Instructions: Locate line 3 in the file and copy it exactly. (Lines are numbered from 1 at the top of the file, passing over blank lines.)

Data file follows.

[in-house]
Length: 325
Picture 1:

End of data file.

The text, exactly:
Picture 1: